Yara Rules
hidden_cobra_consolidated.yara rule NK_SSL_PROXY { meta: Author = "CISA Code & Media Analysis" Incident = "10135536" Date = "2018-01-09" Category = "Hidden_Cobra" Family = "BADCALL" Description = "Detects NK SSL PROXY" MD5_1 = "C6F78AD187C365D117CACBEE140F6230" MD5_2 = "C01DC42F65ACAF1C917C0CC29BA63ADC" strings: $s0 = {8B4C24088A140880F24780C228881408403BC67CEF5E} $s1 = {568B74240C33C085F67E158B4C24088A140880EA2880F247881408403BC67CEF5E} $s2 = {4775401F713435747975366867766869375E2524736466} $s3 = {67686667686A75797566676467667472} $s4 = {6D2A5E265E676866676534776572} $s5 = {3171617A5853444332337765} $s6 = "ghfghjuyufgdgftr" $s7 = "q45tyu6hgvhi7^%$sdf" $s8 = "m*^&^ghfge4wer" condition: ($s0 and $s1 and $s2 and $s3 and $s4 and $s5) or ($s6 and $s7 and $s8) }
hidden_cobra_consolidated.yara rule xor_add { meta: Author = "CISA trusted 3rd party" Incident = "10135536" Date = "2018-04-19" Category = "Hidden_Cobra" Family = "n/a" Description = "n/a" strings: $decode = { 80 ea 28 80 f2 47} $encode = { 80 f2 47 80 c2 28} condition: uint16(0) == 0x5A4D and uint16(uint32(0x3c)) == 0x4550 and all of them }
ssdeep Matches

No matches found.

PE Metadata
Compile Date 2016-02-05 13:16:54-05:00
Import Hash 0b10d6fde1b7cdd778e0338a2d7e5046
PE Sections
MD5 Name Raw Size Entropy
f0cb80c557b1172362064c51bbb9b271 header 4096 0.696473
e9d0219343e64c8c8aa6f084db44b92c .text 45056 6.324040
1092801819f120298e2ddac6a96e3fd0 .rdata 8192 3.775333
5109fb1db61b533c23762d9044579db7 .data 167936 7.045393
9ce04d3e820fa7056f351dbcfa05b0fb .reloc 8192 2.767666
Packers/Compilers/Cryptors
Microsoft Visual C++ 6.0
Microsoft Visual C++ 6.0 DLL (Debug)
Description

This file is a malicious 32-bit Windows DLL. Static analysis indicates this application is very similar in structure and function to C6F78AD187C365D117CACBEE140F6230. However, rather than being a PE32 executable this application is a Windows 32-bit DLL, which must be loaded by an external loader. This external loader was not included within this submission.

This DLL is designed to force a compromised system to act as a proxy server. This implant is designed to proxy network traffic from an operator to another software tool that is being operated by the adversary on a remote system. The traffic to and from this proxy server will be protected with the same simple XOR / ADD cipher used by the malware C6F78AD187C365D117CACBEE140F6230. Static analysis indicates sessions from the remote operator connecting directly to this implant will be protected via SSL / TLS, however the proxy sessions to the remote systems will not be protected via TLS but will instead use a "fake TLS" session. The traffic from the operator to this implant and traffic from the implant to the remote systems will be protected via the embedded XOR / ADD cipher (view screenshot). To implement SSL with the remote operator, the malware loads a private key from a file named 'wbemhost.dll' and a certificate from a file named 'netconf.dll'. This malware does not drop either of these files (see Figure. 7).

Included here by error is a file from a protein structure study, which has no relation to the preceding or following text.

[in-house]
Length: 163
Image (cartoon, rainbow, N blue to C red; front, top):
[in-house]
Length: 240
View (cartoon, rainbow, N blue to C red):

Analysis of this malware indicates it is designed to bind to and listen for incoming connections to the victim’s system after disabling the firewall by modifying the following registry key. The firewall is disabled by allowing incoming access on port 443.

--Begin Firewall Reg Key Modified--

SYSTEM\CurrentControlSet\Services\SharedAccess\Parameters\FirewallPolicy\StandardProfileGloballyOpenPorts\\List

--End Firewall Reg Key Modified--

After connecting to this malware, the operator must issue the challenge value "qwertyuiop" to authenticate with the implant (see Figure 5). This malware also has the added capability of allowing an operator to collect information about the compromised system. This information is collected using the Windows APIs GetComputerNameW, gethostbyname, and GetAdaptersInfo. In order to use this feature, the operator must issue the instruction value "ghfghjuyufgdgftr” after authenticating. As with C6F78AD187C365D117CACBEE140F6230, this malware uses the OpenSLL functions ssl_read() and ssl_write() to exchange data with the operator, however the malware additionally uses a simple XOR cipher (as earlier described) to decrypt incoming traffic.

Analysis indicates this malware must also authenticate with the destination server to which the operator wishes to proxy traffic. To do so, this malware first sends that remote server the challenge value "1qazXSDC23we." The malware must then receive the following response from the destination server before it will allow the operator to proxy traffic to it: "m*^&^ghfge4wer” (see Figure 6). The authentication values sent to and from this proxy server will be protected via the same XOR / ADD cipher utilized by the malware C6F78AD187C365D117CACBEE140F6230 (see Figures 8-9).

The following is a list of the domains for which the malware contains public SSL certificates, used for initiating the "FAKE TLS" sessions:

--Begin SSL cert list--

myservice.xbox.com
uk.yahoo.com
web.whatsapp.com
www[.]apple.com
www[.]baidu.com
www[.]bing.com
www[.]bitcoin.org
www[.]comodo.com
www[.]debian.org
www[.]dropbox.com
www[.]facebook.com
www[.]github.com
www[.]google.com
www[.]lenovo.com
www[.]microsoft.com
www[.]paypal.com
www[.]tumblr.com
www[.]twitter.com
www[.]wetransfer.com
www[.]wikipedia.org

--End SSL cert list--

Screenshots